Know where your data is at any time – Local clouds are typically more transparent, and by their very nature give you the ability to understand the exact location of your information, even allowing you to visit the data centres where they are located. Global cloud providers are less transparent about the location of your data, typically only advising you of the regions they are in, with terms that allow them to move the data as required.

Avoid exchange rate risk – Local clouds transact in local dollars, meaning that your month to month spend is predictable and understood. When purchasing services from global clouds, transactions normally occur in foreign currencies, which is subject to unpredictable fluctuations, making your bill unpredictable. A five cent move in USD – NZD or AUD conversion rates will mean an extra $10,000 cost per annum on a $10,000 per month bill.

Hyperscale clouds

Faster to deploy – Hyperscale cloud deployments are all internet based, with no solution design required. This allows customers to deploy infrastructure within minutes.

Lower cost – Hyperscale clouds provide very little flexibility in their deployment, and very broad SLAs, meaning they are able to offer what seems to be cheaper infrastructure costs.

Larger number of development tools – Hyperscale clouds were initially developed to cater towards start-ups and the development market, and as such have plenty of tools and APIs catering to automatic deployments and quick provisioning. Local clouds are more catered to the enterprise market, with more focus on the traditional design and build processes.

Unlimited and instant scalability – Hyperscale clouds have much larger deployments, and as a result have much more scale than what a local cloud provider may be able to offer. This allows global cloud vendors to offer much larger flexibility for scaling resources up and down. Local clouds, due to the realities of having smaller scale deployments, may have restrictions on the ability to scale up and down. This is also sometimes reflected in different service termination rights and obligations.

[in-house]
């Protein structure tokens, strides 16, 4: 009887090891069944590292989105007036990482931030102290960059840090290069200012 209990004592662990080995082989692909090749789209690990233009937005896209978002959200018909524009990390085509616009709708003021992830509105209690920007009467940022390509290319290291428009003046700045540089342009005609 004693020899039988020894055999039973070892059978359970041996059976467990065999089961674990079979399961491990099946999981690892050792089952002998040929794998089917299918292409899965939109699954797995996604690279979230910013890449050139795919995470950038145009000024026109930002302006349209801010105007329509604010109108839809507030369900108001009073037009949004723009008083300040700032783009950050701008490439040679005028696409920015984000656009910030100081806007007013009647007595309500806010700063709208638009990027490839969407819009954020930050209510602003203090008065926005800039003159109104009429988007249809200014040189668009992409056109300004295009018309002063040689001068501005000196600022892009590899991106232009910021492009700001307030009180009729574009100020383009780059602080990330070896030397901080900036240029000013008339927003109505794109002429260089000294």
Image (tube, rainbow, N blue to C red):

We’ve taken a close look at the differing benefits of local and hyperscale clouds. In our next blog we’ll ask the right questions to determine whether your business is ready to move to a hyperscale cloud.

Arthur Shih is Datacom’s cloud solutions manager.

Local vs Global, part 1: Is your business ready to move to a hyperscale cloud?

By Arthur Shih

In this blog series we take a 3 step look at understanding whether your business is ready to move to a hyperscale cloud.

We’ve all heard the mantra, cloud computing brings with it the promise of enabling organisations to consume IT infrastructure resources in an increasingly cheaper way, while providing unlimited capacity and scalability on a pay-as-you-use model.

However, this uncapped capacity and scalability depends on whether your business is ready to tap into a global cloud services model or alternatively opt for the use of a local cloud services model, both with differing benefits that may meet your business requirements.